Training did not appear to change the likely cause of death.  Causes of death amongst trained and untrained divers are presented in table 2.  For those divers who drowned (n=294), the event that immediately preceded death is presented in table 3.  Untrained divers were more likely to have run out of air before drowning.  For those divers who ran out of air (n=211), the harmful actions that immediately preceded running out of air are shown in table 4.  Getting lost or making a dive with insufficient air preceded 76% of divers running out of air.  Circumstances that preceded getting lost (n=93) are presented in table 5 and circumstances preceding insufficient gas (n=67) are presented in table 6.



Table 2  Cause of Death by Training Status

Cause of death

Trained (n=74)

Untrained (n=208)

Overall (n=368)


47 (64%)

180 (87%)

294 (80%)


7 (9%)

1 (0%)

11 (3%)


3 (4%)

1 (0%)

4 (1%)


1 (1%)

1 (0%)

2 (1%)


16 (22%)

25 (12%)

57 (15%)


Table 3  Preceding Events by Training Status for Drowning

Preceding event

Trained (n=47)

Untrained (n=180)

Overall (n=294)

Ran out of air

31 (66%)

134 (74%)

211 (72%)

Did not run out of air

15 (32%)

31 (17%)

56 (19%)


1 (2%)

15 (8%)

27 (9%)


Table 4  Harmful Actions Preceding Air Depletion by Training Status

Harmful action

Trained (n=31)

Untrained (n=134)

Overall (n=211)


14 (45%)

62 (46%)

93 (44%)

Insufficient gas

8 (26%)

49 (37%)

67 (32%)


5 (16%)

9 (7%)

20 (9%)

Stuck in restriction

1 (3%)

3 (2%)

4 (2%)


1 (3%)

1 (1%)

2 (1%)

Equipment failure

1 (3%)

3 (2%)

7 (3%)


1 (3%)

7 (5%)

18 (9%)


Table 5  Circumstances Preceding Getting Lost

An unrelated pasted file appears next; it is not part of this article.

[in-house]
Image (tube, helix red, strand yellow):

Preceding getting lost

Trained (n=14)

Untrained (n=62)

Overall (n=93)


5 (36%)

33 (53%)

41 (44%)

No line

4 (29%)

27 (44%)

44 (47%)

Wrong turn

4 (29%)

2 (3%)

7 (8%)


1 (7%)

0 (0%)

1 (1%)


Table 6  Circumstances that Preceded Diving with Insufficient Gas

Preceding insufficient gas

Trained (n=8)

Untrained (n=49)

Overall (n=67)

Poor gas planning

8 (100%)

48 (98%)

65 (97%)


0 (0%)

1 (2%)

2 (3%)


0 (0%)

0 (0%)

0 (0%)

Fitting it all into an analytical model, the main differences between trained and untrained divers were that older divers who died in caves were more likely to be trained cave-divers and that trained cave-divers were less likely to have died breaking the continuous line rule, and more likely to have died alone, rather than in a multiple fatality.  Dividing the dataset chronologically into two equal halves, early and late, and running a similar analysis, the differences between early and late divers were almost identical to the differences between trained and untrained cave-divers.